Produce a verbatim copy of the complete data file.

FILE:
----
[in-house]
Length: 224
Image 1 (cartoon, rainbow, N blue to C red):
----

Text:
[in-house]
Length: 224
Image 1 (cartoon, rainbow, N blue to C red):